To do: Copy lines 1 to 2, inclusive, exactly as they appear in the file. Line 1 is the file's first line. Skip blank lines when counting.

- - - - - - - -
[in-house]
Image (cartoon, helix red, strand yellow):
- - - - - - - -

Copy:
[in-house]
Image (cartoon, helix red, strand yellow):